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World Cup heats up Argentina’s presidential race

Argentina fan celebrates after the World Cup match against Mexico.

Argentina fan celebrates after the World Cup match against Mexico.

REUTERS/Agustin Marcarian

When Argentina faces Poland in their do-or-die last group stage match on Wednesday, one thing will be missing at the stadium in Qatar: Argentine politicians.

In the soccer-crazy South American nation, políticos rarely watch the Albiceleste, in person to avoid getting blamed for a loss. Former President Mauricio Macri didn’t get the memo, as he attended — in his new FIFA gig — Argentina’s shocking loss to Saudi Arabia last week. Almost on cue, fans responded by launching an online petition for Macri and his bad juju to stay as far away as possible from GOAT Leo Messi and his crew.

But the brouhaha over Macri is part of a bigger story: The former president has hinted he might want to get his old job back in next year’s election.

Less than a year out from the vote, these are turbulent times in Argentina. Ordinary people are struggling to make ends meet and to figure out how much basic items will actually cost each day, with inflation expected to reach 100% by the end of the year.

The government has thrown the kitchen sink at the problem, but neither IMF austerity to restore confidence in the peso nor direct intervention through price controls have worked to tame runaway inflation. COVID also did a lot of damage, and, to be fair, Argentina’s economic disaster is a legacy of decades of mismanagement, spending beyond its means, and stiffing creditors.

What’s more, no one knows who’ll run in the end. If the center-right Macri throws his hat in the ring, he’ll probably face either deeply unpopular President Alberto Fernández or frenemy VP Cristina Fernández de Kirchner (no relation), who held the top job from 2007-2015. Both are from the traditional left — especially Cristina, whom Argentines refer to by her first name.

A face-off between candidates like this would be deeply polarizing for a country that has swung back and forth on the ideological spectrum twice in the past decade. Macri — who’s not a shoo-in for the nomination if he runs — is as loved by his supporters and hated by his critics as Cristina is.

The feisty vice president is currently under indictment for corruption, but Cristina will probably never see the inside of a prison cell even if she’s convicted. And she demonstrated that she still owns the streets after surviving a recent assassination attempt.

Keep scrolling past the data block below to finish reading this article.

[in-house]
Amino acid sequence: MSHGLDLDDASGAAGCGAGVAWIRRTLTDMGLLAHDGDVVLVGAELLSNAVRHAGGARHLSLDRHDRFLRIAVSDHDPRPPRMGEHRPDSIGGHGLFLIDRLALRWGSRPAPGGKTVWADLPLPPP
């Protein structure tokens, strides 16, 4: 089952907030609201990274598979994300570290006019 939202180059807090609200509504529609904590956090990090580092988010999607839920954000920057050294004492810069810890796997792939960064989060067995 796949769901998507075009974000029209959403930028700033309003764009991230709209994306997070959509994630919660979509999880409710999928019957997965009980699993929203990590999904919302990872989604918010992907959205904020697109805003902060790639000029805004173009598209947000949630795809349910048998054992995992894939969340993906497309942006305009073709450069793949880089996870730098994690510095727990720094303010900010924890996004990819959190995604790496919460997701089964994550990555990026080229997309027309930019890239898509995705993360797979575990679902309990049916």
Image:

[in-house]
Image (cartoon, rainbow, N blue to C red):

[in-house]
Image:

There's also a domestic soccer angle with Macri. The former president got into politics after winning many trophies as president of Boca Juniors, whose supporters call themselves La mitad más uno (Half plus one) as the most popular team in Buenos Aires and all of Argentina.

You’d think that Boca fans would be all in for the man that led the team to so much success — yet most xeneizes are working-class people who’ve historically voted left and won’t cheer for a rich businessman like Macri. Perhaps that’s why the ex-president has, until now, favored Patricia Bullrich, his popular tough-on-crime former security minister.

Whoever leads the opposition ticket is favored to win. A recent poll shows that two-thirds of Argentinians want the ruling Peronista coalition out of power. That’s consistent with a broader trend in the region: For nearly a decade now, Latin Americans have been consistently voting out incumbents, regardless of their ideology.

One rising presidential hopeful is upstart Javier Milei, an eccentric libertarian economist and TV personality who claims not to have brushed his hair since he was 13. The independent Milei, who’s making waves with populist gimmicks like auctioning off his paycheck, would need strong party backing to go all the way, but his early surge tells you a lot about where Argentine voters’ heads are right now.

One thing is clear — the current president is toast. "Even if Argentina wins the World Cup, it is almost certain that Fernández would lose the election," says Eurasia Group analyst Luciano Sigalov. "Whatever politicians like to say, there is no evidence of a relationship between success in sport and politics."

Thought bubble: Although Macri's approval ratings had already started to drop before the 2018 World Cup in Russia, his numbers really began to tank soon after Argentina was eliminated due to the president’s own economic blunders. He never recovered and lost his re-election bid to Fernández.

It sure looks like the incumbent will meet the same fate as his predecessor — if Fernández runs at all.


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